If now that frequency range which occurs or is expected to occur during the entire engine vehicle operating range is to be covered, the weight 32 on the lever arm 28 must be displaced according to that particular frequency. An arrangement of this type is illustrated in the exemplary embodiment according to FIGS. 5-7. The parts of FIGS. 5-7 corresponding to those of FIG. 4 are designated by same reference numerals. The mounting arrangement illustrated in FIGS. 5-7 also includes the outer member 20 disposed adjacent to the engine, the rigid outer member 22 disposed adjacent to the chassis and the elastomeric members 24 and 26. Between the rubber members 24 and 26 there is disposed a rigid core 34 which is hollow and is open at one end. The walls of the core 34 are illustrated in FIG. 6 and, as apparent from this figure, the wall portions 36, 38 engaging the elastomeric portions 24, 26 are bow-shaped. Furthermore, lateral grooves 40 are provided which, as illustrated in FIG. 5, have a bottom that extends at an angle and are adapted to receive tracks 44 formed on the lever arm. A threaded spindle 46 is threaded into the end wall 48 of the core 34 and urges the tracks 44 into the grooves 40 so that a form-locking connection is established between the lever arm 42 and the core 34. The tracks 44 are formed with an end wall 50 and a nut 52 that is threaded onto the spindle 46 engages with this end wall. A protective cap designated by the numeral 54 shields the spindle 46 and the tracks 44 from dirt and corrosion.
The end wall 48 of the core 34 is tapered outwardly so as to form a projection 56 by which the core is mounted in the bent portion 30 of the outer member 20. Since the pivoting angle of the core 34 relative to the outer portion 20 need not be very large, the type of mounting illustrated in the drawings (pivot bearing with small pivoting angle) is sufficient. To eliminate the need for servicing, an elastomeric member, which is formed during the vulcanizing of the rubber metal parts, is interposed between the projecting portion 56 and the bent portion 30.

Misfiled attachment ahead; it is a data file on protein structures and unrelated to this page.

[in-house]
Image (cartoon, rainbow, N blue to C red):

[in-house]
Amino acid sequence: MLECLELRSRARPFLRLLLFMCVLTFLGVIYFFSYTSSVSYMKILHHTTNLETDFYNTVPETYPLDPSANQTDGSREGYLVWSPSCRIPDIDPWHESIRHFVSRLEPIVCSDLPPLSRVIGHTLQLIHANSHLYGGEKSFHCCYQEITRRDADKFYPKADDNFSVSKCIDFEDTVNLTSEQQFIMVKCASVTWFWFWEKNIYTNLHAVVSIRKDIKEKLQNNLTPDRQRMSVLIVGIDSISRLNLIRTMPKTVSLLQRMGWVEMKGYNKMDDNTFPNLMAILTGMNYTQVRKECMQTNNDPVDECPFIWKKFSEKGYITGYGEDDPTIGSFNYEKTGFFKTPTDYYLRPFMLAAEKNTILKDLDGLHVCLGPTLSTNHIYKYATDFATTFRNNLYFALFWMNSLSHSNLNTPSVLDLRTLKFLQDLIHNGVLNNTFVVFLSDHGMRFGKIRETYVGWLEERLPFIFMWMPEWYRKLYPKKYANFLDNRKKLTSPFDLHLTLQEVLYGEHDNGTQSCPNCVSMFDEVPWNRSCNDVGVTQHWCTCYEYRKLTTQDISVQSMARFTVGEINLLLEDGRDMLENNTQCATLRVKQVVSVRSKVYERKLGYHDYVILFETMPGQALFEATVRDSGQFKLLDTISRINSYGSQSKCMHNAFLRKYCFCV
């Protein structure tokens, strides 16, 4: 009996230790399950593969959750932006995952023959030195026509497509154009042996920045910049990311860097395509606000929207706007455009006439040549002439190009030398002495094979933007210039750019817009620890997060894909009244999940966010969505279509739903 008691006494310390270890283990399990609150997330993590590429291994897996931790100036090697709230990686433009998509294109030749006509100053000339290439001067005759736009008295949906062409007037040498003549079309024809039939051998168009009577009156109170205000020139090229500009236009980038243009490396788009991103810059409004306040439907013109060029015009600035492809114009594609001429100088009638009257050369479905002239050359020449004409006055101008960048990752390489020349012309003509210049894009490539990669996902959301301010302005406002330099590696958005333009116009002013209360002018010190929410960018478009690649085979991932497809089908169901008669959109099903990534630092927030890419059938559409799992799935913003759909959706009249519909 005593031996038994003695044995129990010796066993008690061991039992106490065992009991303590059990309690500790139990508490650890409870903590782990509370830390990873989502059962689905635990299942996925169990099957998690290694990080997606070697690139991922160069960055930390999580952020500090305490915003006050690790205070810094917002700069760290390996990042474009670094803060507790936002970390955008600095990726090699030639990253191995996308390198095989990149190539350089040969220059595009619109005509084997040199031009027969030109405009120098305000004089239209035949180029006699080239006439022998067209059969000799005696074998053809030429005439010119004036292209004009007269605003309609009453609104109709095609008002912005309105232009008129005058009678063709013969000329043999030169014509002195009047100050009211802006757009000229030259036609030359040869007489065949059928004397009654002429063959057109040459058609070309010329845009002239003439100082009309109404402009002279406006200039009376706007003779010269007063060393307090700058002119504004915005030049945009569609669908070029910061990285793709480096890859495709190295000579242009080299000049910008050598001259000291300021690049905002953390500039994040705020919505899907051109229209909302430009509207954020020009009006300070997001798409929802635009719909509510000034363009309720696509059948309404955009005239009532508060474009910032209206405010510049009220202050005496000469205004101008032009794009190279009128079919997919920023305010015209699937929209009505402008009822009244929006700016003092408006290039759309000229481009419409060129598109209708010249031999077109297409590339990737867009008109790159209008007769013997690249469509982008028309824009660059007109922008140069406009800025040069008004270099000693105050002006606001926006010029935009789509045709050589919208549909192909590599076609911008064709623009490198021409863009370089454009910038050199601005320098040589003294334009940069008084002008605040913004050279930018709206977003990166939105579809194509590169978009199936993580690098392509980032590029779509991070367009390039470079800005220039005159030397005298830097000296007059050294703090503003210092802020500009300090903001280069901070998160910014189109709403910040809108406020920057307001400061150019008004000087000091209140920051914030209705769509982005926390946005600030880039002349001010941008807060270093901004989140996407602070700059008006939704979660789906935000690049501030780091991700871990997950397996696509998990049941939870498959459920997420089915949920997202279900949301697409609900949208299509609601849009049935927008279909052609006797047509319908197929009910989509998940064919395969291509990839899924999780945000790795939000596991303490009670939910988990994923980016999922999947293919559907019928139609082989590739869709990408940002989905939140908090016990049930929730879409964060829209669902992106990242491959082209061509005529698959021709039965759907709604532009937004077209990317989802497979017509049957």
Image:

The attenuating mass is mounted on the threaded spindle 46 and adapted for longitudinal displacement thereon. Inside this attenuating mass, i.e. the weight 58, there is disposed an electric motor which serves as a control unit for the movement and which effects through its rotation the displacement of the weight 58 on the spindle 46. An electric motor 59 is mounted in a suitable manner inside the weight 58, i.e. the attenuating mass. The weight 58 is slidably guided on the tracks 44 by means of a dove-tailed guide member 60, as illustrated in FIG. 6. A contact strip (not illustrated) for conducting the pilot current to the electric motor in the weight 58 is embedded inside the dove-tailed guide member 60.
Various engine parameters may be utilized for controlling the movement of the weight 58. A most suitable arrangement is one in which the weight 58 is adjusted to the respective high frequency oscillation by using the engine speed and the accelerator pedal position as parameters. These two, and perhaps more parameters, are processed in a control unit which will then forward the pilot current to the electric motor.
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|US4381043 *||Jan 26, 1981||Apr 26, 1983||Nissan Motor Company, Limited||Engine mounting structure|
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|Citing Patent||Filing date||Publication date||Applicant||Title|
|US4779585 *||Dec 21, 1987||Oct 25, 1988||Metzeler Kautschuk Gmbh||Hydraulic-damping engine mount|
|US4858900 *||Feb 19, 1988||Aug 22, 1989||Dr. Ing. H.C.F. Porsche Aktiengesellschaft||Mounting support arrangement for an engine and driving assembly of a motor vehicle which operates at a limited frequency range|
|US5887843 *||Aug 15, 1997||Mar 30, 1999||Nissan Motor Co., Ltd.||Dynamic damper structure|
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|US8215444 *||Jul 9, 2009||Jul 10, 2012||Ford Global Technologies||Roll restrictor system for an automotive powertrain|
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|U.S. Classification||123/195.00A, 123/192.1, 248/566, 267/140.13, 248/559|
|Aug 12, 1985||AS||Assignment|
Owner name: GENERAL MOTORS CORPORATION, DETROIT, MICHIGAN, A C
Free format text: ASSIGNMENT OF ASSIGNORS INTEREST.;ASSIGNOR:BEER, WILHELM;REEL/FRAME:004506/0432
Effective date: 19850723
|Feb 19, 1991||FPAY||Fee payment|
Year of fee payment: 4
|Mar 3, 1995||FPAY||Fee payment|
Year of fee payment: 8
|Mar 3, 1999||FPAY||Fee payment|
Year of fee payment: 12